Peter Hunt

How Camilla came in from the cold

How Camilla came in from the cold
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Queen Camilla. Once a far-fetched prospect, now a reality – when the day comes – thanks to this extraordinary intervention by the Queen.

No one sensible would have put money on such an outcome in November 1995 after Diana, Princess of Wales declared in her infamous Panorama interview that 'there were three of us in this marriage, so it was a bit crowded'. Such was the antipathy towards Camilla and the near adoration for Diana, that a totally false story of someone throwing bread rolls at the future duchess in a supermarket car park took hold in the public consciousness.

Mindful of this antipathy – and the polls that said people wouldn’t stomach Camilla being crowned - the Queen has taken her time. Quite a bit of time. In 1998, a year after Diana’s death, she didn’t attend Prince Charles’ 50th birthday party because the then Camilla Parker-Bowles was a guest. The two women only met formally two years later.

Palace and public sensitivities – plus the haunting spectral presence of the ‘People’s Princess’ – meant that before the Queen’s eldest son married for a second time a statement was issued with the following wording, 'it is intended that Mrs Parker Bowles should use the title HRH The Princess Consort when The Prince of Wales accedes to The Throne'.

In the intervening years, Charles has made no secret of the fact he wasn’t happy at the prospect of his second wife receiving a downgraded title when he became king. And Camilla has been canny. She’s kept the media close and the Daily Mail even closer. Once described by one of her husband’s senior officials as “the laziest woman in Britain” she’s adopted serious causes such as violence against women and made timely interventions.

Crucially, for those around him, the future king is much more relaxed and less Eeyorish when his wife is by his side. Nearly two decades of, at times, quite light Windsor toil have led to the inclusion of 24 very striking words in the Queen’s Accession Day message. Referring to when Charles succeeds her, the Queen writes 'it is my sincere wish that, when that time comes, Camilla will be known as Queen Consort as she continues her own loyal service'.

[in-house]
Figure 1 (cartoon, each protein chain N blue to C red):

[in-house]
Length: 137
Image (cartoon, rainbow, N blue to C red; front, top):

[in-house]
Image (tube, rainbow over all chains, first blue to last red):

So why has the Queen acted now, at the start of the celebrations for her Platinum Jubilee? In one sense, despite the deep public misgivings in the past, she is acknowledging a centuries old custom whereby the wife of a king automatically becomes a queen consort.

However, Charles and Camilla’s troubled history had meant this couldn’t necessarily be guaranteed at his coronation. Not anymore.

Dynastic preservation courses through the veins of Elizabeth the Second. Last month, she stripped Prince Andrew of his patronages. This month, she’s ensuring the transition to Charles as king is as seamless and trouble free as possible. The Queen is future proofing an institution she’s been at the head of for seventy years.

The ringing endorsement of Camilla overshadows the rest of the text where, as she did first in 1947, the Queen pledges that her life will always be devoted to service.

A noticeably frailer 95-year-old, who now uses a walking stick, will continue to reign.

The message shows that the power lies in the court of Prince Charles and its impact, for the Duchess of Cornwall, is considerable. She’s gone from being the third person in a marriage to Queen-in-waiting.

Camilla has come in from the cold.

Written byPeter Hunt

Peter Hunt is a commentator on the monarchy and constitutional issues. He is a former BBC diplomatic and royal correspondent. He tweets at @_PeterHunt

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